This has already been mentioned as an anachronism but it deserves its own status as a full-fledged step to better productions. I know budgets are tight, but when the church lags so far behind the technology of the day, the world just laughs at us. The vast majority of us cannot afford body mics and other state of the art techniques, but wireless lapel mics are readily available to rent. Over time you can rent and buy and get your own set. Some sound operators want the great, bass boosted sound of a hand held, but I would rather have the character presentation I get when an actor is free from touching a mic. Why go to all the effort of sets and costumes and lighting to create a sense of time and place and then hand Peter a microphone?
“Suspension of disbelief” is essential to theatre. The audience must willingly decided to believe that what they are seeing is real. They will forgive mics hidden in trees and behind rocks or mics hanging from above or mics pinned to clothing but mics in the hand or worn on the head are too big a distraction.
Step Number Five—
Keep the Play Moving While Changing Sets
When it is necessary to change sets, don’t stop the play, send the action into the aisles, or to far stage right or left. If you are using a story-teller format, have those characters in a set that does not change so that the other sets can be changed during a story-teller sequence. Modern plays must be more like cinema: short scenes, constantly shifting locations, etc.
Step Number Six—
Stay In Character
One of the first signs of a poorly trained actor is acting when speaking a line and not acting when others are speaking. I am convinced that nothing draws an audience into the story like the reactions of the the characters who are not speaking. In church productions there are usually crowds. Everybody should be in character and stay in character! Here’s a list of things to teach:
- Get a character. Everybody on stage should create a reality for his or her character.
- Get a Point of View. POV gives each person a context for reacting to everything that happens on stage.
- Listen to the dialogue (or ignore it if that is what is called for) and respond!
- Do not look at the audience! This breaks their suspension of disbelief. The play is happening before them. Let them remain spectators. Their sense of safety opens their heart for your message.
Step Number Seven—
Avoid Ad Libs, Rough Summarizing of Dialogue
Of course, as a writer, I love actors who say the lines I wrote, but this is more than writer’s ego. Stage Managers, Lighting Directors, Sound Operators, Conductors and Fellow Actors are listening for exact cues. There is also the possibility that certain words are more carefully chosen and meaningful than ones that might pop into an actor’s head at the last minute.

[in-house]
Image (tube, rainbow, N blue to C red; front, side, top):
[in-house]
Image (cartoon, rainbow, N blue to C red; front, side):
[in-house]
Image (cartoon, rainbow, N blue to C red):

Step Number Eight—
Avoid Bright Colors in Costumes
In Bible times, costumes favor earth tones over pastels and paisleys. Not only are they more authentic, but they are easier on the audience’s eyes. All colors get brighter under lights.
Step Number Nine—
Avoid Fake Looking Beards, Wigs and Makeup
Keep the cheese in the green room, please! Cheesy looking beards and wigs are distractions. It is better to understate these elements. Be sure to make up arms, feet, backs of legs, etc. anything that is seen.
Step Number Ten—
Use Gels on Lights and Lights as a Curtain
Few things on earth are uglier than white skin under white light! Coloring the light softens it and is a way to underscore the emotion of a scene. Gels work with good make-up to help bring out facial features. Most of us don’t have a curtain to close. By lighting specific areas of the stage so that the action can move around and so that the audience can know where it is supposed to be looking you can focus the actions. One scene can be setting up while another is playing
Step Number Eleven—
Use the Whole House and Stage
With light as your curtain, you are free to play scenes all through the house: stage right, stage left, down stage center, the aisles, the baptistery, anywhere. The more of the house and stage you use, the more involved your audience will be. Shorter scenes with quick lighting cues make your play seem more like a film than a stodgy old stage play.
Step Number Twelve—
Use the Music to Tell the Story
Music is your ally. Be careful to avoid a rhythm of scene and song, scene and song, etc. Integrate the songs with the scenes by using songs within scenes to:
- advance the story
- develop character.
- express the emotion of the meaning of the story.
- But, music must be adapted to your play. Be sure you buy the music from the publisher, then you can adapt it for your purposes. Here are some ways:
- Break a song up. Do verse one in act one, verse two in act three.
- Reprise a song. If the song has meaning the first time, it has more the next time!
- Adapt the lyrics to your time frame. This usually involves pronouns and verbs. I have been known to write new verses for my characters.
- Use songs instrumentally (after they have been sung) to underscore meaningful action or dialogue.
- Use instrumental versions (Reprise) to cover short scene changes. This does not stop the play. It extends the emotion of the scene that has just played.
- When not using tracks change the tempo on the song if you need to make it fit the scene.Semper Reformanda!
Stephen Phifer © 2014 Creator Magazine All Rights Reserved